A change in ambient temperature will give a few psi, change. From September until February Mine dropped 5 psi. . Not bothered over that length of time, Caravan being serviced on Wednesday, so will be removing the Tyre pal sensors and refitting, to add a touch of lube to the valve stems.
 
Jun 15, 2018
31
0
0
Visit site
I recently viewed a You-tube Vlog posted by an Australian lady whom had just suffered a tire puncture followed by a catastrophic tire off. All the plastic trim and much of the base materials of the caravan was hugely damaged. It looked like a bomb had gone off. I mused that there had been little to no feed-back indicating a problem through the cars controls. In fact, the disconnect between the drivers senses and the crisis going on at the rear was so complete, it simply cannot be believed. How strange! I viewed another Vlog of some chap in the US with the same thing. I became convinced that we need to know if the caravan has a puncture and we need to know it fast. Not when the tire is flaying about like a medieval horror device. I got a Tyre-pal.
 
Nov 11, 2009
20,547
6,342
50,935
Visit site
Ironduke2018 said:
I recently viewed a You-tube Vlog posted by an Australian lady whom had just suffered a tire puncture followed by a catastrophic tire off. All the plastic trim and much of the base materials of the caravan was hugely damaged. It looked like a bomb had gone off. I mused that there had been little to no feed-back indicating a problem through the cars controls. In fact, the disconnect between the drivers senses and the crisis going on at the rear was so complete, it simply cannot be believed. How strange! I viewed another Vlog of some chap in the US with the same thing. I became convinced that we need to know if the caravan has a puncture and we need to know it fast. Not when the tire is flaying about like a medieval horror device. I got a Tyre-pal.

You are correct. The blow out that I had did give me warning as it sounded like a fast low pass by an aircraft. I then saw my nearside caravan tyre shredding and the front window line of the caravan went inclined. I was doing about 60 mph on a dual carriageway towing with a MK 1 Mondeo estate that had none of the stability aids possessed by modern cars. The caravan had one of the Bulldog spring arm stabilisers. Yet apart from the tyre noise the car gave no indication that the caravan had lost its tyre. Pity is that these days I probably wouldn’t hear it anyway :)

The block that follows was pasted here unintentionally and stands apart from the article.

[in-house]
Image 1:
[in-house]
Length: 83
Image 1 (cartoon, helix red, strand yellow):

Mar 14, 2005
69
14
18,585
Visit site
This topic was running a couple of years ago if I remember - age sadly dulls the memory! I have clipped a curb twice and both times resulted in a blow out. The first was in Sheffield in the early 90s when Tyron bands were a big thing. The second was 2 years ago in Natters in Austria - very narrow village and a car came round a corner in the middle of the road. Both times, I was able to drive until I found a safe place to change the wheel. I carry a Tyron band fitting kit with me and set the Austrians a challenge. I said that if the British tyre technicians can change a tyre with a Tyron band, surely the Austrians can. It was all done with good humour and they rose to the challenge. Interestingly, the bands on my current caravan were fitted by a mobile tyre fitting service which I found online.

Obviously, I cannot say what would have happened if I had not had Tyron bands fitted but, for me, they give me peace of mind - although I recognise some would argue that my peace of mind is an illusion.
 
Mar 14, 2005
17,758
3,167
50,935
Visit site
Hello Bob,

Peace of mind is not an illusion, its very real.

But whether tyre bands do make a difference under a set of circumstances is open to debate, but the named manufacturer has consistently failed to offer any conclusive evidence their product actually does improve the outcomes of tyre failures. It also depend on the type of failure. Some types of failure tyre bands would not offer any safety advantage.

Its always better to reduce the probability of a failure by proper inspection and maintenance, and early warning of tyre deflation, so pressure monitors are probably more effective.

Obviously sudden loss of pressure due to a collision won't be picked up before the event, but did your bands help after the event is not clear.
 
Mar 14, 2005
69
14
18,585
Visit site
Thanks Prof.
I totally agree that they would probably not help in a wear & tear situation but in a blow out, I found them reassuring. I only rely on them for blow outs. For the other situations, I regularly check tyre pressure, tyre wear and wheel nuts. We are away for long periods at a time in Europe (and Morocco on the last trip), so I normally check the tyres and wheels every 3 weeks for so.
Bob
 
Aug 15, 2017
72
0
4,580
Visit site
Bob_5041432 said:
This topic was running a couple of years ago if I remember - age sadly dulls the memory! I have clipped a curb twice and both times resulted in a blow out ....

Out of interest, what speed do you reckon you were doing when clipped the kerb, and was the blowout at that moment, or else how long after? Kerb clipping, or shocks that are the equivalent of, is obviously best avoided but must happen here and there quite often at lowish speeds so I was surprised to hear it can cause (or lead to an imminent) blow out.
 

TRENDING THREADS

Latest posts